'I study the impacts of light pollution on the natural world, human health and society'

Benjamin Velani

Religious Studies and Government
Minneapolis, Minn.

What are the most valuable skills you gained from your Arts & Sciences education?

I think the most valuable skill I developed is that of effective person-to-person communication across a variety of different fields. The ideas we learn are awesome, the writing and thinking we do is profound, but all of it is only as good as how far they travel beyond our ivory towers. This is the real work of change — spreading the works done at a place like Cornell with the rest of the world in accessible and targeted ways.

man in mountains with lake

What is your main extracurricular activity and why is it important to you?

My two main activities were rugby and The Cornell Daily Sun. The Cornell University Rugby Football Club (CURFC) was where I found my first community at Cornell. I knew I wanted to try out the sport after leaving high school, so when I saw them playing pick-up touch on Rawlings Green one sunny afternoon in the fall of 2018, I tossed on my cleats and joined them. The men in my year who joined have grown to become many of my best friends. 

Also during my fall freshman semester, I joined the dining department of The Sun, following interests developed late in high school. I loved the work and saw how journalism could have a tangible and immediate impact on the social institutions that govern life. I helped one of my staff writers on The Sun call for the end of Cornell Dining’s single-use plastic consumption. Her article, once published, prompted Cornell Dining to reach out and consult with her about sustainable changes that needed to be made on campus. Having worked with her closely through the editing process, and then seeing the actual impact it had, affirmed my resolve to become a journalist, for the change that it proffered by bringing to bear the power of public opinion.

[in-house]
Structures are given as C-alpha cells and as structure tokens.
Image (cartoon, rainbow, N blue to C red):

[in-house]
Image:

man with city in background

What have you accomplished as a Cornell student that you are most proud of?

Since the fall of my sophomore year, I have been working on what has since developed into a 120-page thesis for the Humanities Scholars Program (HSP), wherein I cover the breadth of impacts that light pollution has on the natural world and human health and society. Thanks to funding through the HSP, in the early winter of 2022 I took a kind of pilgrimage, a road trip throughout America’s West and Southwest to visit international dark sky parks and Indigenous archaeo-astronomical sites. I explored the power of knowing through experience, wrote a blog (www.inthepursuitofdarkness.com), took photos of the stars and raised awareness about why it is imperative we regard the obliteration of dark skies by artificial light as an unacceptable loss.

If you were to offer advice to an incoming first year student, what would you say?

Always speak and think honestly, to yourself and others, no matter how hard or painful it may be. Confront the awkward, the grim, the daunting head on because you can't solve your problems by running away from them.

 

Every year, our faculty nominate graduating Arts & Sciences students to be featured as part of our Extraordinary Journeys series. Read more about the Class of 2022.

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